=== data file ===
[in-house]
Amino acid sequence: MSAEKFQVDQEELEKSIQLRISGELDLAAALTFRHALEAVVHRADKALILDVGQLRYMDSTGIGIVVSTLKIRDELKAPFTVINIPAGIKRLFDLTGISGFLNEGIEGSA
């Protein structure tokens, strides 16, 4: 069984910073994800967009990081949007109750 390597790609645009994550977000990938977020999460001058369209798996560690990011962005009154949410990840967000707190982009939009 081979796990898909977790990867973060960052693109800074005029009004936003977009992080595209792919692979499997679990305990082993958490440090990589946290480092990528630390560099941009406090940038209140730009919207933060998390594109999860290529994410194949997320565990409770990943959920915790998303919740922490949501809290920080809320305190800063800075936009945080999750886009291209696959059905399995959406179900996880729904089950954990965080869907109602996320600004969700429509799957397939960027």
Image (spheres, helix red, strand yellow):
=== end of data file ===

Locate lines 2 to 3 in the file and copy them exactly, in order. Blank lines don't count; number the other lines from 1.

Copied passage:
Amino acid sequence: MSAEKFQVDQEELEKSIQLRISGELDLAAALTFRHALEAVVHRADKALILDVGQLRYMDSTGIGIVVSTLKIRDELKAPFTVINIPAGIKRLFDLTGISGFLNEGIEGSA
């Protein structure tokens, strides 16, 4: 069984910073994800967009990081949007109750 390597790609645009994550977000990938977020999460001058369209798996560690990011962005009154949410990840967000707190982009939009 081979796990898909977790990867973060960052693109800074005029009004936003977009992080595209792919692979499997679990305990082993958490440090990589946290480092990528630390560099941009406090940038209140730009919207933060998390594109999860290529994410194949997320565990409770990943959920915790998303919740922490949501809290920080809320305190800063800075936009945080999750886009291209696959059905399995959406179900996880729904089950954990965080869907109602996320600004969700429509799957397939960027």